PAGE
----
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Publication numberUS20060111728 A1
Publication typeApplication
Application numberUS 11/245,466
Publication dateMay 25, 2006
Filing dateOct 5, 2005
Priority dateOct 5, 2004
Also published asUS7951153, US8292896, US8673013, US20100211177, US20130110246, WO2006041963A2, WO2006041963A3
Publication number11245466, 245466, US 2006/0111728 A1, US 2006/111728 A1, US 20060111728 A1, US 20060111728A1, US 2006111728 A1, US 2006111728A1, US-A1-20060111728, US-A1-2006111728, US2006/0111728A1, US2006/111728A1, US20060111728 A1, US20060111728A1, US2006111728 A1, US2006111728A1
InventorsM. Abdou
Original AssigneeAbdou M S
Export CitationBiBTeX, EndNote, RefMan
External Links: USPTO, USPTO Assignment, Espacenet
Devices and methods for inter-vertebral orthopedic device placement
US 20060111728 A1
Abstract
Disclosed are methods and devices for implanting an orthopedic device between skeletal segments, such as vertebrae, using limited surgical dissection. The implanted devices are used to adjust and maintain the spatial relationships of adjacent bones. The implanted device can be, for example, an artificial disc, a fusion cage or any other appropriate device for implantation between skeletal segments.
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Claims(23)
1. An instrument for implanting an implant device in a space between a pair of skeletal segments, comprising:
a mount having a distal end mountable between the pair of skeletal segments;
an insertion device pivotably attached to a proximal end of the mount, wherein the insertion device is pivotable to an orientation so as to deliver an implant into the space between the pair of skeletal segments.
2. An instrument as in claim 1, further comprising one or more couplers that can be anchored between the pair of skeletal segments, wherein the distal end of the mount removably mounts to the coupler.
3. An instrument as in claim 1, wherein the insertion device includes a straight portion and a curved portion, wherein the straight portion extends outwardly from the proximal end of the mount, and wherein the curved portion extends from a outward tip of the straight portion toward the distal end of the mount, a guide shaft being positioned in the curved portion.
4. An instrument as in claim 3, wherein the insertion device pivots about a pivot axis such that a distal end of the curved portion pivots toward the space between the pair of skeletal segments.
5. An instrument as in claim 3, further comprising a plunger removably and slidably positioned inside the guide shaft, the plunger having a tapered tip or a sharpened tip.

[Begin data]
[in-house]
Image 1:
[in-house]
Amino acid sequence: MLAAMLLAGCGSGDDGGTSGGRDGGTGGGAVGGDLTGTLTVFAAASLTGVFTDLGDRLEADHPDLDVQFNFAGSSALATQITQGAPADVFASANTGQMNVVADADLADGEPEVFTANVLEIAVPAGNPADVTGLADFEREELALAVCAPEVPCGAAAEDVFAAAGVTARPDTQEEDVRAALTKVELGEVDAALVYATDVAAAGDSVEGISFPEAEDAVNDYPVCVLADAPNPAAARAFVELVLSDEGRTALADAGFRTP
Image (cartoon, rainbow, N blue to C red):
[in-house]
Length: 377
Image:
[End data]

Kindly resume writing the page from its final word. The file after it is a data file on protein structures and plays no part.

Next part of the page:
6. An instrument as in claim 1, wherein the pair of skeletal segments comprise first and second vertebrae.
7. An instrument as in claim 1, wherein the pivot device pivots about a pivot axis that intersects the proximal end of the mount.
8. An instrument as in claim 1, wherein the insertion device is removably attached to the proximal end of the mount.
9. An instrument as in claim 1, wherein the mount comprises an elongate post.
10. An instrument as in claim 1, wherein the insertion device has a guide shaft, and wherein the insertion device is pivotable to an orientation such that the guide shaft provides a passageway for the delivery of an orthopedic device into the space between the pair of skeletal segments.
11. An instrument for implanting an implant device into a space between skeletal segments, comprising:
an insertion device having a delivery shaft, wherein the insertion device can be pivotably mounted in a predetermined spatial relationship relative to the space between the skeletal segments, the insertion device pivoting to a delivery orientation such that the delivery shaft provides a pathway for the delivery of an orthopedic device into the space between the skeletal segments.
12. An instrument as in claim 11, further comprising an mount for positioning the insertion device in the predetermined spatial relationship relative to the space between the skeletal segments, the mount comprising a post having a distal end removably positioned adjacent the space, and a proximal end pivotably attached to the insertion device.
13. An instrument as in claim 12, further comprising a coupler that anchors between the skeletal segments, the coupler being removably attached to the distal end of the mount.
14. An instrument as in claim 11, wherein the insertion device includes a straight portion and a curved portion, wherein the straight portion extends outwardly from the proximal end of the mount, and wherein the curved portion extends from an outward tip of the straight portion toward the distal end of the mount, the guide shaft being positioned in the curved portion.
15. An instrument as in claim 14, further comprising a plunger positionable inside the guide shaft, the plunger having a tapered tip for penetrating skin as the insertion device pivots toward the delivery orientation.
16. A device for use in a surgical procedure, comprising:
at least one anchor that anchor relative to a target location;
an insertion device connected to the at least one anchor, the insertion device movable in a fixed geometric relation to the at least one anchor so as to place an implant at the target location.
17. A device as in claim 1, wherein the target location comprises a disc space between a pair of skeletal segments.
18. A device as in claim 1, wherein the insertion device is aimed toward the target location using an x-ray image.
19. A device as in claim 18, wherein the insertion device is aimed toward the target location using an x-ray image in combination with an intermediate guide structure.
20. A device as in claim 16, wherein the at least one anchor attaches to a portion of a vertebral body, and further comprising a localizing instrument that aims at the target location.
21. A device for use in a surgical procedure, comprising: